Article originally posted in and nationally syndicated by the American City Business Journals on April 4, 2017.
Entrepreneurs are driven by many things. Sometimes it’s an experience that has had a huge impact on one’s life. Such is the case of Joseph Lubowitz, a 28-year-old entrepreneur whose personal struggle with drug addiction drove him on an extraordinary journey to help others going through a similar struggle.
Lubowitz is the founder and CEO of Humble Beginnings Recovery Centers, an agency that provides drug and alcohol abuse treatment, as well as mental health counseling to those suffering from substance abuse disorder. Humble Beginnings now operates treatment centers in southeastern Pennsylvania and southern New Jersey.
In the eighth grade, Lubowitz and his friends started to consume alcohol and smoke marijuana, which unfortunately, were easily available. After graduating from high school in an affluent suburb north of Philadelphia, Lubowitz attended Penn State University, where he continued his substance abuse.
During the summer after his junior year at Penn State, he became addicted to opioids. According to Lubowitz, “Eventually things started to spiral out of control,” causing him to drop out of school during his senior year.
Lubowitz said, “After leaving Penn State, I became addicted to heroin. I was in and out of treatment and reached the point at which I was ready to do whatever it took to become drug-free. I didn’t want to die. I made a commitment to myself and my family to succeed. It was the hardest journey I have ever been on.” Lubowitz said that he has not consumed alcohol or taken drugs in more than five years.
“I saw others struggling with the same addiction issues and I wanted to help them navigate their recovery,” said Lubowitz. After seeking guidance and advice from many people and relying on his entrepreneurial instincts, he made a bold decision and started Humble Beginnings in 2014. Every entrepreneur is driven by a passion, and Lubowitz’s passion is very apparent just from speaking with him.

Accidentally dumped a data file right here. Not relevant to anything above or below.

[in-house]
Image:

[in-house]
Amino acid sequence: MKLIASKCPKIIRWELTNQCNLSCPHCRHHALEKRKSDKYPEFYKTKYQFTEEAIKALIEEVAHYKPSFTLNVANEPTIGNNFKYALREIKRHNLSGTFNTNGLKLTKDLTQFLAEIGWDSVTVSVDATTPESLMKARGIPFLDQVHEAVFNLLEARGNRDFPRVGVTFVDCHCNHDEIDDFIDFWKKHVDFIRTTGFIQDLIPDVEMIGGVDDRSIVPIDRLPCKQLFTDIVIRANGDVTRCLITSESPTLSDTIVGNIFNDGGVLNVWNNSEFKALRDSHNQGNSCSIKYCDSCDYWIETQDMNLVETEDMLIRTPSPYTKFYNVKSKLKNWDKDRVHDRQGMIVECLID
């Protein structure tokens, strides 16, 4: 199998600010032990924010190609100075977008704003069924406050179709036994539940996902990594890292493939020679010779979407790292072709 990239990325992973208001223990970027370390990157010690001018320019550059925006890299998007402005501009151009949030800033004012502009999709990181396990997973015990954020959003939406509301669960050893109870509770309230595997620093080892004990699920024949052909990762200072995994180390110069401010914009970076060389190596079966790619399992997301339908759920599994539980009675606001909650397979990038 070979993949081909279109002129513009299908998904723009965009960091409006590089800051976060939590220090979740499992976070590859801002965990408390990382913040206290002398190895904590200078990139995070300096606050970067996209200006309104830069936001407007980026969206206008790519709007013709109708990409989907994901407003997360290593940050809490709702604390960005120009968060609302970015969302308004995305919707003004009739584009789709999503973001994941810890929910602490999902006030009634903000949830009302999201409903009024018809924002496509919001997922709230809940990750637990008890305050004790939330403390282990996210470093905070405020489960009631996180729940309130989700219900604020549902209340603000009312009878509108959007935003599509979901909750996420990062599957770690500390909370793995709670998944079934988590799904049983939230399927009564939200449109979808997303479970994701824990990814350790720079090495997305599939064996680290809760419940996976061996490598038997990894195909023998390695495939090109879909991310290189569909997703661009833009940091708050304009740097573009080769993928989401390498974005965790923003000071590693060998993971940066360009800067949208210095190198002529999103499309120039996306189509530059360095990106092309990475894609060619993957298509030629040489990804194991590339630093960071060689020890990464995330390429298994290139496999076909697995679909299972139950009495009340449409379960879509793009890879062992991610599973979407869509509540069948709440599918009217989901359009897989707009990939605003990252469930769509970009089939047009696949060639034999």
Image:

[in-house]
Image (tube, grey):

Lubowitz said many of his competitors are larger companies that treat hundreds of clients at time. “It’s hard to compete with the big guys when it comes to marketing, but not on individual client care.” Most of the clients come to Humble Beginnings by word-of-mouth.
Lubowitz hires people who don’t look at their position as just a job, but genuinely care about their clients. He feels that the quality of care of each client is a differentiator and is paramount to Humble Beginnings’ success.
This principle guides his company’s growth strategy. Once a location reaches a size such that further growth could adversely impact the quality of a client’s experience and quality of care, Lubowitz opens another center at a new location to accommodate new clients.
His staff, who are certified providers in their areas of expertise, are key to putting each client on the path to recovery. Lubowitz said, “Our clinical director is dual master level licensed in mental health and substance abuse and our medical director is board certified in addiction psychiatry. They have the drive and motivation to put their knowledge to use to provide the best services to our clients.”
I asked Lubowitz what are some of the things that keep him up at night as CEO. He responded, “Beyond being on a journey to provide our clients better care, I also think about how we can provide our staff a better employee experience. I value my employees as much as our clients.
“I also think about future changes in healthcare reimbursement rates and insurance coverage. We fight and advocate every day for our clients with the insurance companies.” He added, “I want to go to sleep each night knowing that I gave 100 percent that day.”
Lubowitz said he has spoken in front of a number of groups. “I spoke at my alma mater, Upper Dublin High School, and a few weeks later an envelope arrived at my home with over 30 notes of thanks from students. Those notes had an impact on me.”
I asked Lubowitz what message he would like to convey to school administrators to better deal with students’ potential substance abuse. He said, “Schools need people on staff who can better relate to the kids, and educate them to the dangers of drugs.” He also said that they should invite more of their graduates who recovered from addiction to speak to their students about how drugs can ruin their lives.
To all students, Lubowitz said, “When chasing your dream, don’t give up if you run into hard times. Push through it, and don’t be afraid to ask for and listen to advice. You can obtain anything you want as long as you are willing to put in the work. Never give up.”
Stan Silverman is founder and CEO of Silverman Leadership. He is a speaker, advisor and nationally syndicated writer on leadership, entrepreneurship and corporate governance. Silverman earned a Bachelor of Science degree in chemical engineering and an MBA degree from Drexel University. He is also an alumnus of the Advanced Management Program at the Harvard Business School. He can be reached at Stan@SilvermanLeadership.com.